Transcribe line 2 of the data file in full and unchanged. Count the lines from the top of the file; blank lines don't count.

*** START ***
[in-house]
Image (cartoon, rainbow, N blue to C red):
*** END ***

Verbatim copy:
Image (cartoon, rainbow, N blue to C red):